Hi everyone! I’m back from my three-day weekend and trip to Austin. I LOVE three-day weekends, but there’s something about them that make coming back to work even harder than it normally is. I’m posting later than normal today because I’ve been in the process of moving offices. No, I didn’t get a new job. We literally just shifted around offices in our suite, so I do have a new view!
Yep, my office is now right in front of the waiting area. Yikes! Talk about zero privacy. This may take some getting used to.
Anyways, it’s time for the next installment of Texas Transitions. I thought I’d discuss the thing that seems to be on everyone’s minds lately: THE WEATHER!
In case you’re living on Mars or don’t ever flip on the national news, it is HOT here. Really hot. In fact, for 30 some days straight now the highs have been over 100. We’re not just experiencing weather in the 100s anymore, we’re now experiencing temps well into the 100s. Like 110.
In Texas, the hottest part of the day is around 4 or 5pm. In Ohio, the hottest part of the day is noon. Therefore, Texas nights do not cool off until well into the night. Like 3am. This makes it hard to go outside and enjoy the evenings during the summers here. It’s just too hot. You have to stay inside in the air conditioning to stay cool. Also, everyone here has A/C of some sort. In Ohio, you’ll find a good number of families or old homes that do without. You just couldn’t survive without it here.
For me, the Texas heat feels like a dry heat (people from California always say it’s a humid heat, so really it’s all about perspective). Therefore, it feels more bearable on most days than the oppressive humidity and 80 degree temps do in Ohio. I’d take dry heat over humid heat on any day! I might sweat a little (ok, a lot!), but at least my hair doesn’t turn into a total frizz-ball monster and walking outside doesn’t feel like wading through a wet sauna.
However, Texas also deals with some pretty severe draught conditions in the summer. This year has been exceptionally devastating. Austin has not seen rain for over a year. Yes, a YEAR! That is really hard for me to comprehend since I come from a place that gets a lot of rain and snow. The lack of rain has more dire effects that I ever imagined. This article explains some of the long-term effects that the drought will have on the wildlife in Texas and this article shows the drought in pictures. Farmers are losing crops like crazy and livestock is starving to death. It’s a scary situation and there is no end in sight!
Texas does have an abundance of pools to cool off in. Even the university I used to work at had about 5 recreational pools on campus. Unheard of in Ohio! Oh yea, and they open in April and stay open all year! No need to close them in the winter down here because there’s no risk of them freezing. However, the popular pool seasons are different. Pool season in Ohio is definitely the traditional summer months (June, July, August), but in Texas it gets almost too hot to use the pools during the main stretch of the summer. The last time I went to my apartment’s pool it was like swimming in a bathtub. Not exactly refreshing. I can’t imagine being a swimmer in an outdoor league during the summer in Texas. The best time to utilize the pools here is April through early June and September through early October. Unless you like swimming in bath water and in that case you’ll love the pools right now!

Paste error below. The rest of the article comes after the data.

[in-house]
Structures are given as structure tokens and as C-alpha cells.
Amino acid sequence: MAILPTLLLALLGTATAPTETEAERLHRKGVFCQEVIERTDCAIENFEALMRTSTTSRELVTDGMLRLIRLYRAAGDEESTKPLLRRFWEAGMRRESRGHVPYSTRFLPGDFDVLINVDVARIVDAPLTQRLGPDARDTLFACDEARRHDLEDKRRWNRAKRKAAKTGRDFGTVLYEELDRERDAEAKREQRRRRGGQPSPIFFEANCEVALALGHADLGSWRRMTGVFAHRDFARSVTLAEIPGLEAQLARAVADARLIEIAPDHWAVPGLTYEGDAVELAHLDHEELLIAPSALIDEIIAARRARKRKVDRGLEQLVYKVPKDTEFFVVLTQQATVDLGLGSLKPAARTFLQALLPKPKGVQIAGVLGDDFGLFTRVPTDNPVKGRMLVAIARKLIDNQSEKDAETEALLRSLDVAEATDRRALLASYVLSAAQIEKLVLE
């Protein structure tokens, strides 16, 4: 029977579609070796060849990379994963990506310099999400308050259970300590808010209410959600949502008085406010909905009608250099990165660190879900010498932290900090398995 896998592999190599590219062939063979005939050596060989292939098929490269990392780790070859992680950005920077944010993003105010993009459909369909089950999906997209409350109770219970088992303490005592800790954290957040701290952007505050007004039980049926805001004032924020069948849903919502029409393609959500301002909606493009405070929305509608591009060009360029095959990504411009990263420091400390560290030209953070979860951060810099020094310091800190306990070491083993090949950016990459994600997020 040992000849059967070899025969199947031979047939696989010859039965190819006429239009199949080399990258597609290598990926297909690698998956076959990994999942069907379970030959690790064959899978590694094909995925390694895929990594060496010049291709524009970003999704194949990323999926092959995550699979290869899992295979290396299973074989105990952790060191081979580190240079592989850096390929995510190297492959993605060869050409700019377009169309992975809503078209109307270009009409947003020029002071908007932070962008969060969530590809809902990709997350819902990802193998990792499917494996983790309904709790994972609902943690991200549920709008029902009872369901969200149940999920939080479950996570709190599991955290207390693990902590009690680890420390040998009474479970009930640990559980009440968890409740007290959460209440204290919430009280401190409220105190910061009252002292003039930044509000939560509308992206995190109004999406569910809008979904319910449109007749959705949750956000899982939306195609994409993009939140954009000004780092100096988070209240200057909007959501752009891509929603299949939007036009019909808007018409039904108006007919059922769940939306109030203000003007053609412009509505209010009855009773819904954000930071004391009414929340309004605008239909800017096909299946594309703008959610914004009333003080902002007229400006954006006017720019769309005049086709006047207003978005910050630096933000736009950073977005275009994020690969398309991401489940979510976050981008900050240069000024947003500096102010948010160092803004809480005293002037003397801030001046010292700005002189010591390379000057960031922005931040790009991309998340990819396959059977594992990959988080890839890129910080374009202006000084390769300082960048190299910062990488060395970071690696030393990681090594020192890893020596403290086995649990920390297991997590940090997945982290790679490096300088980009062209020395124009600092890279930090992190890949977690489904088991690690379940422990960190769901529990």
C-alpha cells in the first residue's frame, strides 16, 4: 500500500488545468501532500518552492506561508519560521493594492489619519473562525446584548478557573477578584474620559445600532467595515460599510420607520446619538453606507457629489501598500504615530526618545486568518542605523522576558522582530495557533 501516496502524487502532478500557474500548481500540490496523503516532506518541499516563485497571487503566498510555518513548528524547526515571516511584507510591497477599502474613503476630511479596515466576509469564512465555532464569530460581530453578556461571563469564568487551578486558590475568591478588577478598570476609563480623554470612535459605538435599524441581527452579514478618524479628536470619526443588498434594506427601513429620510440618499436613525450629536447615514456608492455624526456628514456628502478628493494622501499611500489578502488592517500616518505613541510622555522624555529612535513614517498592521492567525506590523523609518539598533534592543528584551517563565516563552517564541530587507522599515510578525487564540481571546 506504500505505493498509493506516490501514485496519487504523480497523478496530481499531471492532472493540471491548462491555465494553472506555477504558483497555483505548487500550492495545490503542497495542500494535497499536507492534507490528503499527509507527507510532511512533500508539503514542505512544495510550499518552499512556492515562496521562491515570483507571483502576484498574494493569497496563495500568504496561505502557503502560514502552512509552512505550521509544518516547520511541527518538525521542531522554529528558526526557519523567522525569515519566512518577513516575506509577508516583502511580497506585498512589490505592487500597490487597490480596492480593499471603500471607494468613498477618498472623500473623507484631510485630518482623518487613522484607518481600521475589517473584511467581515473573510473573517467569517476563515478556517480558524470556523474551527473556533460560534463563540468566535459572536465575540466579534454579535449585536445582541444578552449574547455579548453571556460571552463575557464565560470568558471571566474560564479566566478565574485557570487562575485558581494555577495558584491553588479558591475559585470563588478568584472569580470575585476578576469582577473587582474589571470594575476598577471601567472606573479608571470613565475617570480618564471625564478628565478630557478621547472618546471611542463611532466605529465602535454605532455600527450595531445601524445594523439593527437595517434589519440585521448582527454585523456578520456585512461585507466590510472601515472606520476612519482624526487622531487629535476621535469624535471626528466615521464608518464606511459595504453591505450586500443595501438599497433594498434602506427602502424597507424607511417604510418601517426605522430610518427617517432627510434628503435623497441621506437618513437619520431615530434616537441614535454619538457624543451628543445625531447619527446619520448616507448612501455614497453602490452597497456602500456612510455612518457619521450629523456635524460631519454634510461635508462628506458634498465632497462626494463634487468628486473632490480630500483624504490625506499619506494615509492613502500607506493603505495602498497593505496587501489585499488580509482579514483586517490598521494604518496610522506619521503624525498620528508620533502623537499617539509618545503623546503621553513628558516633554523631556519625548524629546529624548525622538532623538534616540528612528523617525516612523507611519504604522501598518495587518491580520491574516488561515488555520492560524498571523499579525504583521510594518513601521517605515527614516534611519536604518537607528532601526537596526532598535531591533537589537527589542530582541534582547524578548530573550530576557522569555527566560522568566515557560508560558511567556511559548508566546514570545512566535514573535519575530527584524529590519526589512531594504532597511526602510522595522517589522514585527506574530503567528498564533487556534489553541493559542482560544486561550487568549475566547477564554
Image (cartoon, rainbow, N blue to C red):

What else is different between Texas and Ohio? SUN! The sun is always out here. I literally had no idea that the sun shone so frequently in other parts of the country. I thought it was normal to be encased in a thick layer of clouds for 300+ days per year (I’m not kidding, Ohio is ALWAYS grey! It’s known for it, actually). This was the view from the plane as I flew over Ohio during my trip home in May. It was clear with beautiful views right until we got to Ohio.
The abundance of sun is actually a positive and a negative for me. I, oddly enough, enjoy a nice rainy day every now and again. I like weather. All kinds of weather. Even snow! Texas gets snow once a year, but it’s not quite the same. It’s more of an icy mess than real snow. The seasons kind of blend together here with little definition. I do miss the transition into fall with the first crisp days in October and then the first snowflakes of winter in November or December. Here we just gradually get a little bit cooler, have a random “snow” storm, and then get hot again.
So there you have it. If you like sun and heat then Texas is probably the place for you. If you value the changing of the seasons and a little more “weather” it might not be such a good fit. For me, the weather sure has taken a little getting used to over the past two years!